TSA Body Scanners "Aren't Worth the Cost in Money—Let Alone Civil Liberties"


Writing in today's New York Post, Cato Institute legal policy analyst David Rittgers explains why the Transportation Security Administration's controversial new body scanners "aren't worth the cost in money—let alone civil liberties."

Air travelers now face a few bad choices: Submit to the body scanner, endure an invasive manual pat-down or accept an $11,000 civil fine. This is security theater at its finest. Congress needs to revisit these protocols completely—starting with a total halt to the obscenely expensive and jarringly ineffective full-body scanner.

Despite what their proponents would have us believe, body scanners are not some magical tool to find all weapons and explosives that can be hidden on the human body. Yes, the scanners work against high-density objects such as guns and knives—but so do traditional magnetometers.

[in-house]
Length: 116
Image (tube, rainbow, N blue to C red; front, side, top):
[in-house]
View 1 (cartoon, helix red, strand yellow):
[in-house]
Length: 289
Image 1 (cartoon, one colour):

And the scanners fare poorly against low-density materials such as thin plastics, gels and liquids. Care to guess what [Christmas bomber Farouk] Abdulmutallab's bomb was made of? The Government Accountability Office reported in March that it's not clear that a scanner would've detected that device.

Read the whole thing here. Read James Bovard's classic Reason account of the TSA's sorry record right here.